Native N No. of Native species Total number of native species present
  6. The metrics may then be saved in pdf format using the print tab. In this part of the calculator, you can give your site a unique identifier and specify the person completing the form. The calculator does not store site data, so all information should be printed prior to exiting the program.


Literature Cited:
  • Alix, M. S. and R. W. Scribailo. 1998. Aquatic plant species diversity and floristic quality assessment of Saugany Lake, Indiana. Proceedings from the Indiana Academy of Science 107:123-139.
  • Andreas, B. K. and R. W. Lichvar. 1995. Floristic Index for establishing assessment standards: a case study for Northern Ohio. U.S. Army Corps of Engineers, Waterways Experiment Station, Technical Report WRP-DE-8, Washington, DC.
  • Chapin, F. S., III. 1991. Integrated responses of plants to stress. Bioscience 41:29-36.
  • DeBerry, D. A. 2006. Floristic Quality Index: ecological and management implications in created and natural wetlands. Ph.D. Dissertation, College of William and Mary, Williamsburg, VA.
  • Herman, K. D., L. A. Masters, M. R. Penskar, A. A. Reznicek, G. S. Wilhelm, and W. W. Brodowicz. 1997. Floristic quality assessment: development and application in the state of Michigan (USA). Natural Areas Journal 17:265–279.
  • Hobbs, R. J. and L. F. Huenneke. 1992. Disturbance, diversity, and invasion: implications for conservation. Conservation Biology 6(3):324-337.
  • Matthews, J. W. 2003. Assessment of the floristic quality index for use in Illinois, USA,
  • wetlands. Natural Areas Journal 23:53-60.
  • Miller, S. J. and D. H. Wardrop. 2006. Adapting the floristic quality assessment index to indicate anthropogenic disturbance in central Pennsylvania wetlands. Ecological Indicators 6:313-326.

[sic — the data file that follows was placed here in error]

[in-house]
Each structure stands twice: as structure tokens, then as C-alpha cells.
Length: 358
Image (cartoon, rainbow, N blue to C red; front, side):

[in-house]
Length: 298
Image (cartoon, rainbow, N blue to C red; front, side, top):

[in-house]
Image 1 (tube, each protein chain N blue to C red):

• Mushet, D. M., N. H. Euliss, Jr., and T. L. Shaffer. 2002. Floristic quality assessment of one natural and three restored wetland complexes in North Dakota, USA. Wetlands 22:126-38.
  • Nichols, S. A. 2001. Long-term change in Wisconsin lake plant communities. Journal of Freshwater Ecology 16:1-13.
  • Nichols, J. D., J. E. Perry, and D. A. DeBerry. 2006. Using a Floristic Quality Assessment technique to evaluate plant community integrity of forested wetlands in southeastern Virginia, USA. Natural Areas Journal 26: 360-369.
  • Odum, E. P. 1985. Trends expected in stressed ecosystems. Bioscience 35:419-422.
  • Swink, F. and G. S. Wilhelm. 1979. Plants of the Chicago Region, 3rd ed. Morton Arboretum, Lisle, IL. 922 pp.
  • Swink, F. and G. S. Wilhelm. 1994. Plants of the Chicago Region, 4th ed. Indiana Academy of Science, Indianapolis, IN.
  • Taft, J. B., G. S. Wilhelm, D. M. Ladd, and L. A. Masters. 1997. Floristic quality assessment for vegetation in Illinois: a method for assessing vegetation integrity. Erigenia 15: 3–95.
  • Wilhelm, G. and D. Ladd. 1988. Natural area assessment in the Chicago Region. Transactions of the North American Wildlife and Natural Resources Conference 53:361-375.